A new wildlife tracking system shows confirmed cougar and bear sightings, and deer carcasses left by large predators in Ashland. Anyone can go into the system and report sightings at gis.ashland.or.us/cougar.
In an emergency situation, a call should be made to 911 or 541-770-4784.
City Police Chief Tighe O’Meara said there’s been no cougar sightings, to his knowledge, within the past couple of days. All past reported sightings were at night or around dawn, which is within Oregon safety standards.
O’Meara said the idea came from a citizen who suggested APD make a mapping system to track where the cougars have been.
“We thought we’d take it one step further and said ‘let’s do a mapping system that is driven by community input and is cougars, bears and deer carcasses that seem to be attributable to cougars and bears’,” O’Meara said.
The mapping system was created by the Ashland Police Department in partnership with the city’s geographic information system department.
The questions required to be answered when reporting a sighting came from the Oregon Department of Fish and Wildlife, O’Meara said.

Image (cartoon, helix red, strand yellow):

“I think people enjoy being well-informed and educated and this gives them a snapshot of exactly where all the sightings have been, so they can make appropriate decisions,” O’Meara said.
As of 6 p.m. Friday, the map showed icons for five carcasses and 16 each for bear and cougar sightings.
The earliest report is dated Oct. 15; the most recent was for Friday, Nov. 9.
One, a sighting of a cougar at 10:38 p.m. Tuesday, Oct. 30, indicated that an “officer observed the cat walking toward (SOU) campus, officer tried to get a clean shot to put the cat down, but could not fire safely.” That was two days after an officer did shoot at a cougar near the Hannon Library about two blocks away, at about the same time of night. The shot missed the cougar, but did scare it away.
Besides SOU, cougar sightings were also reported on the Bellview School and old Lincoln School campuses.